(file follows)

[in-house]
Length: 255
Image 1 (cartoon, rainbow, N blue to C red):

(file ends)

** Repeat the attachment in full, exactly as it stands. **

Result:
[in-house]
Length: 255
Image 1 (cartoon, rainbow, N blue to C red):